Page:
In 2009 Evans curated an exhibition at York College Art Gallery featuring works by PAE member artists as well as a stunning group of photographic portraits, taken by master photographer Bill Simone, of member artists in their studios.  In the fall of 2015, at the request of PA First Lady Frances Wolf, Evans curated an exhibit at the Governor's Residence in Harrisburg, PA featuring over 70 works by artist members of the PA Arts Experience.

Bill Simone, Portrait of Robert Patierno in his Studio, 2009, photograph
Bill Simone, Portrait of Lorann Jacobs in her Studio, 2009, photograph

Visions of the Susquehanna: 250 Years of Paintings by American Masters

In 2005 Evans organized and guest curated a traveling exhibition featuring more than two centuries of paintings of the Susquehanna River on loan from museums and private collections across the nation. The exhibit opened at the Lancaster Museum of Art and traveled through 2008 to the Susquehanna Art Museum, PA Governor's Residence, Washington County Museum of Fine Arts, York College Art Gallery, and the Roberson Museum and Science Center. The exhibit, tour and accompanying 80 page catalog were funded by a generous grant from the Richard C. von Hess Foundation.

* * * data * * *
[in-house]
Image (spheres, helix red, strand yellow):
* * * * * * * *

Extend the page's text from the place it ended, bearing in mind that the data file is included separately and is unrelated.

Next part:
Comprised of approximately 40 major paintings spanning nearly 250 years, this exhibit included two groups of work. The first was a cross section of the many important images of the river created in the mid 18th century through the early 20th century, including works by such prominent American painters as Benjamin West, Jasper Francis Cropsey, Sanford Robinson Gifford, George Inness, Thomas Moran, Charles Demuth, Stephen Etnier and others. The other group consisted of paintings of or about the river by a group of nationally prominent contemporary artists (Mark Innerst, Leonard Koscianski, George Sorrels, Debra Bermingham, Randall Exon, Peter Paone and others), many of whom agreed to create works specifically for this exhibit. While linked by the common thread of the Susquehanna, the exhibit  also examined the contrasting points of view between these two very different groups of work: the 18th and 19th century romantic view of the sublime landscape as a metaphor for America's promise versus the current postmodern role of the landscape as an open ended and often detached vehicle for presenting a multitude of perspectives and critiques on contemporary culture, investigating such issues as environmental decay, nuclear energy, and urban sprawl.